For synthesis, ArduTouch is collecting a set of its own sketches – simple, fun digital signal processing creations that can be uploaded to the board. You get a whole collection of these, including sketches that are meant to serve mainly as examples, so that over time you can learn DSP coding. (The sketches are mostly the creation of Mitch’s friend, Bill Alessi.) Because the ArduTouch itself is cloned from the Arduino UNO, it’s also fully compatible both with UNO boards and the Arduino coding environment.
Mitch has been uploading videos and descriptions (and adding new synths over time), so let’s check them out:
Thick is a Minimoog-like, playable monosynth.
Arpology is an “Eno-influenced” arpeggiator/synth combo with patterns, speed, major/minor key, pitch, and attack/decay controls, plus a J.S. Bach-style generative auto-play mode.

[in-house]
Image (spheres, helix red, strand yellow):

Beatitude is a drum machine with multiple parts and rhythm track creation, plus a live playable bass synth.
Mantra is a weird, exotic-sounding sequenced drone synth with pre-mapped scales. The description claims “it is almost impossible to play something that doesn’t sound good.” (I initially read that backwards!)
Xoid is raucous synth with frequency modulation, ratio, and XOR controls. Actually, this very example demonstrates just why ArduTouch is different – like, you’d probably not want to ship Xoid as a product or project on its own. But as a sketch – and something strange to play with – it’s totally great.
DuoPoly is also glitchy and weird, but represents more of a complete synth workstation – and it’s a grab-bag demo of all the platform can do. So you get Tremelo, Vibrato, Pitch Bend, Distortion Effects, Low Pass Filter, High Pass Filter, Preset songs/patches, LFOs, and other goodies, all crammed onto this little board.